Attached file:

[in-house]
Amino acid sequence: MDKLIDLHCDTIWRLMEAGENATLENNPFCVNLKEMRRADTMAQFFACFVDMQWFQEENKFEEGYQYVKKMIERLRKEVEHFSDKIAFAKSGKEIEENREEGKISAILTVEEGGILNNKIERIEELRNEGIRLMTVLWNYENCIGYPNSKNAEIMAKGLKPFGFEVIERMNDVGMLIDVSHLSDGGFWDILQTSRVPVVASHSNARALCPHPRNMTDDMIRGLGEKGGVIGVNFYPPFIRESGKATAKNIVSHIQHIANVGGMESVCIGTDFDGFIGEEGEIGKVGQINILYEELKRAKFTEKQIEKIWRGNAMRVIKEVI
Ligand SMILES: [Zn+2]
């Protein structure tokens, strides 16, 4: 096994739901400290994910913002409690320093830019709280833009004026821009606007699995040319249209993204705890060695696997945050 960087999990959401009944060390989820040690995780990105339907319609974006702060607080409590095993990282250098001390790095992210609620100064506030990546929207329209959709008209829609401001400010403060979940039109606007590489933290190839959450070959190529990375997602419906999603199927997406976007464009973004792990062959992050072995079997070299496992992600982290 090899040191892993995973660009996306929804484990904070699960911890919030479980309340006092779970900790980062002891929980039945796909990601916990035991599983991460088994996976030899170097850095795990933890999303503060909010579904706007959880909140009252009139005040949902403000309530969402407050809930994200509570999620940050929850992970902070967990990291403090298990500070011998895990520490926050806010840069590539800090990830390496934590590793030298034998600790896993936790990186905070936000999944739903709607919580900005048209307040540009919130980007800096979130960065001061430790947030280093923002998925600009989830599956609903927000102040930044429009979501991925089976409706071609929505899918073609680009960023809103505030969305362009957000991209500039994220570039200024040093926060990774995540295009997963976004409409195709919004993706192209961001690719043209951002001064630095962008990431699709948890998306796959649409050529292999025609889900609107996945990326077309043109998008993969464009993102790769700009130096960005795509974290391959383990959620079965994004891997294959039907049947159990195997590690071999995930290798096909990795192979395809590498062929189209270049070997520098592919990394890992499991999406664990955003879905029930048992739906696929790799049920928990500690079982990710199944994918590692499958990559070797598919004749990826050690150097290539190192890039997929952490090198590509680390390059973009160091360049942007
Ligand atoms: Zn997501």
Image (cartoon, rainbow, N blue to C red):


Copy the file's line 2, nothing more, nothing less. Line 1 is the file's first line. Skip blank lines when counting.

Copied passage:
Amino acid sequence: MDKLIDLHCDTIWRLMEAGENATLENNPFCVNLKEMRRADTMAQFFACFVDMQWFQEENKFEEGYQYVKKMIERLRKEVEHFSDKIAFAKSGKEIEENREEGKISAILTVEEGGILNNKIERIEELRNEGIRLMTVLWNYENCIGYPNSKNAEIMAKGLKPFGFEVIERMNDVGMLIDVSHLSDGGFWDILQTSRVPVVASHSNARALCPHPRNMTDDMIRGLGEKGGVIGVNFYPPFIRESGKATAKNIVSHIQHIANVGGMESVCIGTDFDGFIGEEGEIGKVGQINILYEELKRAKFTEKQIEKIWRGNAMRVIKEVI